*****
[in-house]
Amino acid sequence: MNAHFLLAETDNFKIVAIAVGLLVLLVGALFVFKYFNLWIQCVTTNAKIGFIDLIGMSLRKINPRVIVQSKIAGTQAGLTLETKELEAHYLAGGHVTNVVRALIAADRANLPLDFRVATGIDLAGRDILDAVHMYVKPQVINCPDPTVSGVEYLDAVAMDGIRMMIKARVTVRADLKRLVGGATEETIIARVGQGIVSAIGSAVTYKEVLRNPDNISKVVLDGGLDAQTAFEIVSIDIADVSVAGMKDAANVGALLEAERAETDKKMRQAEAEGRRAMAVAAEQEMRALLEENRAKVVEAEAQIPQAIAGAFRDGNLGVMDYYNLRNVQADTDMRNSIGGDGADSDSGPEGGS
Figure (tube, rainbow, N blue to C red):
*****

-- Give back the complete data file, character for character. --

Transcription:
[in-house]
Amino acid sequence: MNAHFLLAETDNFKIVAIAVGLLVLLVGALFVFKYFNLWIQCVTTNAKIGFIDLIGMSLRKINPRVIVQSKIAGTQAGLTLETKELEAHYLAGGHVTNVVRALIAADRANLPLDFRVATGIDLAGRDILDAVHMYVKPQVINCPDPTVSGVEYLDAVAMDGIRMMIKARVTVRADLKRLVGGATEETIIARVGQGIVSAIGSAVTYKEVLRNPDNISKVVLDGGLDAQTAFEIVSIDIADVSVAGMKDAANVGALLEAERAETDKKMRQAEAEGRRAMAVAAEQEMRALLEENRAKVVEAEAQIPQAIAGAFRDGNLGVMDYYNLRNVQADTDMRNSIGGDGADSDSGPEGGS
Figure (tube, rainbow, N blue to C red):